• Good user experience: This one goes along with site speed. If people get onto your site, even if it loads quickly, they’ll leave pretty fast if your site is a pain to navigate. If your text is too small to read, or if you have annoying pop-ups, or if there are ads (especially video ads) literally everywhere, people will get frustrated and leave your site.
  • Having long-form content: In my opinion, long-form content is anything over 1,000 words (bonus points if it’s 1,500+). Google prefers in-depth content so a user can find their answer — plus more — all in one place. Of course, if you have 1,500 words of keyword-stuffed fluff, you’re not going to get anywhere. Content should be high-quality, helpful, and meaningful.

Please keep in mind that it’s not typical to rank in Google search results with a site that’s less than 6 months old. Though it can happen, you have to know what you’re doing. For more advice on SEO, check out this full guide on SEO and this guide on backlinks.

Step 2: Get your blog set up

Ultimately, it’s up to you where you decide to host your blog and what theme you use. But if you want my advice, here it is:

  • Get yourself a domain name: Your domain name is your site’s home address. Medium’s is Yours is whatever you want it to be. You could use your name, or you could make up a name. If you’re blogging about one specific thing (say, laptops), then try to put that keyword in your domain (like Also, consider the future. Do you want to blog for the rest of your life? If not, consider not using your name as your domain, but instead using a brand name. That way it makes it easier to sell your site down the road to someone who wants to keep it going and keep earning a profit.
  • Use Siteground or NameHero to host your site: Your blog needs somewhere to live — and that somewhere is a server. Do you own one? That’s what I thought. So use a hosting company. My favorite two (and ones that a lot of bloggers recommend for beginners) are Siteground and NameHero, but I’ve also heard good things about Lyrical Host and Big Scoots. All of them pair with, which is the content management system (how you access the back end of your site) that most bloggers recommend. You can find plenty of YouTube tutorials that will guide you through setting your site up through these. Make sure you get an SSL certificate so that your site is secure.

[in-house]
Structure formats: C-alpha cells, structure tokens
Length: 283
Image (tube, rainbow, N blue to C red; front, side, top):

• Choose your theme: When you’re setting up your site on, you’ll need a theme. This is how you make your site look the way you want it to — colors, fonts, sidebars, menus, etc. But it’s more than that. A lot of themes can really slow down your site, which is bad for user experience. To avoid that, I’d recommend using Astra (there’s a free version). You can find plenty of YouTube tutorials on setting this up, as well.
  • Set up your legal pages: This is where things get a little dicey. Whether you want to or not, your site will store cookies on your users’ computer. It’s your legal duty to let them know about that. You’re also required to disclose payment (or possible payment) for your work. So you need a Privacy Policy, a Disclaimer, and a Terms of Service. Learn more here. Plus, you need to be CCPA compliant. Learn more here.
  • Create your About page: Most people think your About page is a place to explain to curious readers who you are. It is, but it’s also the place where readers can find out what your site’s purpose is (aka, what your site has to offer for them). Add both to your page. This is also a good place to collect email subscribers (more on that below).

Step 3: Write blog posts

Before you launch your blog, you need some content! It’s a good idea to keep all your blog posts at least semi-related to each other, but I’ve never been a fan of “niching down,” so really it’s up to you. However, there are a lot of benefits to only blogging about one topic, especially when it comes to things like SEO and list building.